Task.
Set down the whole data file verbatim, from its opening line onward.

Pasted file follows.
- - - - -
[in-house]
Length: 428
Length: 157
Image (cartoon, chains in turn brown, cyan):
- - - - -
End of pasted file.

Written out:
[in-house]
Length: 428
Length: 157
Image (cartoon, chains in turn brown, cyan):